Who would’ve believed that Punxsutawney Phil – that weather-predicting groundhog – called for an early spring and this year he was right! Spring has indeed sprung in our area, giving us the chance to finally step outside and breathe the fresh air without putting on a parka. And warm weather may trigger thoughts of spring home maintenance.
While you’re outside enjoying the warmer temperatures, take a moment to look around your house and property. Because your view won’t be obscured by foliage, it’s the perfect time to see what winter left behind and what needs to be repaired. The time you spend taking care of home maintenance business now will save time and money in extensive repairs down the road. To help you start tackling those projects, we’ve put together these Top 5 Spring Outdoor Home Maintenance Tips.
Tip #1 – Check the Roof
An easy way to inspect the roof to find damaged, loose, or missing shingles is to use a pair of binoculars. If you see loose or broken shingles, fix those as soon as possible to protect your home from leaks. If the problem extends beyond a few shingles, you’ll want to contact a professional roofer. Check and repair breaks in the flashing seals around vent stacks and chimneys, too.
Tip #2 – Check for Cracks in the Foundation
A cracked foundation is often the result of frost heaves – soil movement caused by the freeze-thaw cycle – which can leave cracks in your basement walls and floor. If the cracks are less than a nickel-width wide, you can take the following steps to minimize further damage:
- Replace the soil surrounding your foundation with more porous alternatives such as gravel and/or fill sand, which is a blend of sand, soil, and clay.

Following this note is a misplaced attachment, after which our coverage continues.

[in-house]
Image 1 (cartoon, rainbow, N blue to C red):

- Add a drainage system at the base of a foundation, like a French drain, to drain the water away.
- Dig top-level and subterranean reservoirs to redirect water away from your home’s foundation.
- Insulate your home’s foundation to minimize heat loss between the foundation and the surrounding soil. When heat transfers to the surrounding soil through foundation walls, it enhances the freeze-thaw cycle.
- Make sure your gutters are in good working order and drain rainwater at a sufficient distance away from your house – at least 6 to 8 feet.
If the cracks are large or extensive, have the foundation professionally inspected and repaired.
Tip #3 – Replace Caulk & Weather Stripping Around Windows & Doors
If the gap around a door or window is wider than a nickel, you need to reapply exterior caulk to keep your home energy bill down and the insects out. Check window-glazing putty, too, which seals glass into the window frame. Add weather stripping around doors, making sure that you can’t see any daylight from inside your home.
Tip #4 – Clean the Gutters
The decomposed leaves and twigs that nature leaves behind after winter may be worse than those in your gutter during the summer months. Pull leaves and debris from gutters and downspouts. Reattach gutters that have pulled away from the house. Run a hose on the roof and check for proper drainage. If leaks exist, dry the area and use caulking or epoxy to seal the leak. Add extensions to downspouts to carry water away from your home’s foundation.
Tip #5 – Inspect Your Driveway & Sidewalks for Cracks and Heaves
Broken concrete or asphalt is more than just an eyesore. It’s a tripping hazard that can lead to painful results. Fix any breakdown in concrete or asphalt before it worsens. You can patch or fill surface cracks, chips or flaking in concrete yourself using cement-repair products. For deeper cracks, settling or sunken concrete, or frost heaves, call a professional.
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